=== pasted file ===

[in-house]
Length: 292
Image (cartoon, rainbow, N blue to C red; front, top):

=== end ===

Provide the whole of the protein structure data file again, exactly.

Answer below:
[in-house]
Length: 292
Image (cartoon, rainbow, N blue to C red; front, top):